June 18th, 2024

Artisans spread their wings at Handmade Market


By Dale Woodard on June 29, 2021.

Herald photo by Dale Woodard - Anshul Fernando, owner and artist of Butterfly Art, tends to his booth at the Lethbridge Handmade Market Saturday afternoon at the Exhibition Park.

It was truly a hands-on experience Saturday at the Lethbridge Exhibition North Pavilion.
With the province mere days removed from unveiling Stage 3 of its Open For Summer initiative as Alberta seeks to emerge from the COVID-19 pandemic of the past 15 months, the 23rd Lethbridge Handmade Market set up shop for a one-day event.
While the market was able to hold four events last year in the midst of the pandemic, as well as another in April, Lethbridge Handmade Market owner Jessy Gust noted it’s good to see a little light at the end of the COVID tunnel.
“After doing four during COVID and having to pivot our business a lot, artisans are very happy to be back and very happy to see normalcy in the future,” she said. “We’re starting to drop restrictions. We normally have a music stage and a lot of hands-on activities for families. We’re looking forward to bringing that back slowly and bringing back music.”
Over 80 artisans proudly displayed their handmade wares at the one-day event Saturday.
There was even some solo live entertainment.
“We have a live cellist, over $2,200 worth of handmade door prizes and a kids-wide scavenger hunt throughout the market to keep the kids involved while their parents are shopping,” said Gust, adding customer traffic was consistent at the event which ran from 9 a.m. to 4 p.m. “We have vendors from all over Canada, but a lot from Lethbridge and southern Alberta.”
Another handmade market will be held Aug. 7 and in the fall as Lethbridge Handmade Market celebrates its fifth anniversary.
“We’re very excited going into our fifth year,” said Gust. “As an artisan myself, I never imagined for it to grow and stay this long. It’s been an amazing five years and we looking forward to having another five years.”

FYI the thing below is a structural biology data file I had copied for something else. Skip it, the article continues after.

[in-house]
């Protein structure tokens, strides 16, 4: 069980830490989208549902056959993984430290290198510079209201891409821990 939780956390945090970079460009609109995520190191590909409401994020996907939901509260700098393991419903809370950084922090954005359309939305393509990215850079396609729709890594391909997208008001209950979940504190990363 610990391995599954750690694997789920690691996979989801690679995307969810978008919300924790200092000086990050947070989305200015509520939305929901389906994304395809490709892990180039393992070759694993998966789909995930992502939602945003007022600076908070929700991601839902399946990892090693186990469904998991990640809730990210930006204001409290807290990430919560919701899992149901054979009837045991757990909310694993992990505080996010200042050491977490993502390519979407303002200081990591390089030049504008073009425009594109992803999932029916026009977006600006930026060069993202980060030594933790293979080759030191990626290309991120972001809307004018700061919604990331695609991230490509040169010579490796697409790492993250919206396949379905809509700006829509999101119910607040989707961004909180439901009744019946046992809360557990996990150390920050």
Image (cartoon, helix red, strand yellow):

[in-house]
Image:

Among the artisans on hand for Saturday’s market was Anshul Fernando, owner and artist of Butterfly Art from Calgary.
“I’ve been running this as a business since 1997 and I’ve been a collector since 1981,” said Fernando, who does the mounting and framing of his work with his wife, Stefanie. “I’ve been traveling the world looking for butterflies my whole life. I’ve been to 29 countries and now I’ve set up 24 farms around the world where I teach the locals how to grow the species we’re interested in. That way we can do it sustainably and have perfect quality to offer to the market place.”
Growing up in Australia, Fernando became fascinated with the butterflies and insects there.
When he moved to Calgary in 1981, Fernando said there was a migration path of butterflies in the heart of Calgary.
“My mom made me a net and I would catch them and put them in shoeboxes,” he said. “I had to figure out how to preserve them.”
Fernando met a door-to-door salesman who was selling butterflies, unmounted and folded up in little paper envelopes.
“I had no idea how to spread them and he came over and showed me,” he said. “It took me a few years to master it and I put over 10,000 hours into mastering my craft. Now I can spread any invertebrate and I’m very proud of my quality.”
Fernando ‘s booth at Saturday’s market had roughly 300 species ranging from the tropics of South America, Africa and Asia, but also had local species such as dragon flies, as well as monarchs and tiger swallowtails.
Fernando now looks to get his business back into flight after the pandemic.
“It’s our bread and butter,” he said. “For us having the lockdown it has a huge negative impact. Not just on our family, but all the families we support through our business. We’re very glad things are opening up because we want to be able to continue what we’re doing.”
The past 15 months have been challenging both personally and professionally for Fernando.
“We’ve had family members who had died of COVID and suppliers who have died of COVID,” he said. “COVID has directly touched our lives, so when we see the world starting to change and we have this virus under control and we can now get back to life, we can look forward to something and have hope.”
With Lethbridge being a regular stop on Fernando’s circuit across Canada, it was good to be back Saturday.
“We’ve been very happy with it,” he said. “This is an excellent show. We have large following and then there are lots of people who appreciate handmade art and the come and support us.”
Fernando said he’ll be heading up to Grande Prairie next.
“There are very few shows opening up, so we have to pick and choose the ones we go to,” he said. “Other than that, we’ll be back in Lethbridge in August and back here again September because there’s a tattoo show here as well.
“Lethbridge is one of our top cities in Canada.”

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